Letters on Ukraine: 25/07/2022 – The Gates of Gare de l’Est

Steve Lopes shares a first dispatch from Paris, where he observes non-profit and state assistance for Ukrainians arriving at the Gare de l'Est.

Arriving in a stifling hot Paris – my first visit in a few years – I was taken by the generosity of volunteers I had heard about at the historic train station, the Gare de l’Est. Since the start of the war in Ukraine, the Red Cross has received thousands of Ukrainian refugees at the bustling station after their marathon journey to a new life.

There is a swell of support for the displaced Ukrainians and a warm spirit of generosity. This is in marked contrast to my last journey here in 2017, when I documented the many Syrian migrants sleeping rough on the streets. Back then, there wasn’t as much support for the influx of refugees escaping the war in their homeland. Now, polls show that 85 percent of French people are in favour of helping Ukrainian refugees.

It’s really hot here at the moment and I quietly work directly into my sketchbook. The refugees are welcomed by young volunteers. Some of them could easily pass for normal lost tourists at first glance, with a wide-eyed gaze as they step off the trains. There is something slightly different in their eyes. Unlike the rest of the people in Paris bouncing around with the joys of summer, these people are forced to confront a new reality with lives uprooted by a senseless war. The contrasts between the romantic city of Paris and what it represents is something that washes over the new arrivals, as their only concerns are with now having to start a new life, or with dreams of going back to their homeland.

Since the war began more than five million Ukrainians have fled the country, with 100,000 finding refuge in France. Many of them arrive at the Gare de l’Est on trains travelling via Germany. Waiting to receive them is the Red Cross along with a number of Russian volunteers who are eager to offer the displaced Ukrainians their support.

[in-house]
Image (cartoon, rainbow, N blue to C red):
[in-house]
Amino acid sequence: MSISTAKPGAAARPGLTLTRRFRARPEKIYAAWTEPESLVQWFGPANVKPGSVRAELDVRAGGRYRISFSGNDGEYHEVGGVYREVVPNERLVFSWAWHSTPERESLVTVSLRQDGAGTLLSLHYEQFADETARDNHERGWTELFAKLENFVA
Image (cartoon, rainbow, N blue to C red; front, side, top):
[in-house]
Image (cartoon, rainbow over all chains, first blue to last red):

Several Russian volunteers are on hand to assist the Red Cross, who lack translators to help with newly arrived Ukrainian refugees. 

One of the refugees, Natalia Perepelytsia, a Ukrainian from Kyiv, was quoted as saying that she doesn’t mind the contact with Russian interpreters: “We don’t make a difference between Russians and others, we judge people on their qualities and not on their nationality.”

A portal called Je m’engage pour l’Ukraine (I am committed to Ukraine) was recently  launched with state support, aiming to coordinate help from French citizens. A reception centre called Accueil Ukraine has also opened its doors, specifically for Ukrainian refugees. 

It’s heartening to see the support for the plight of Ukrainians across the city, from stickers and posters to banners in the blue and yellow of the Ukraine’s flag fluttering public buildings.

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